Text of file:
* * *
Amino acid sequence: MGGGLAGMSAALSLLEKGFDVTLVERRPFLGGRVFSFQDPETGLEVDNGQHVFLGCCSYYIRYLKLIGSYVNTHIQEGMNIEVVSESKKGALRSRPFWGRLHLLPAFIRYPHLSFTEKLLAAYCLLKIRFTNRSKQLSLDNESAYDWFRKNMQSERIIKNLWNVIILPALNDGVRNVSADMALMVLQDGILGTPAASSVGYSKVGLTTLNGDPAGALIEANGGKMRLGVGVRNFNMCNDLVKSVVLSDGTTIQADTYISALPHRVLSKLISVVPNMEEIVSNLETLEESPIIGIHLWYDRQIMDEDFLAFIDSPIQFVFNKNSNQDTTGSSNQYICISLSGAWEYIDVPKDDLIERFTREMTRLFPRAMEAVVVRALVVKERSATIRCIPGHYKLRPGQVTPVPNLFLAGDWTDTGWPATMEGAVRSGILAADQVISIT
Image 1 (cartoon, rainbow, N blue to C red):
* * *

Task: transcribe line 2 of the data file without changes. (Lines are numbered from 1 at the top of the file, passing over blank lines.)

Image 1 (cartoon, rainbow, N blue to C red):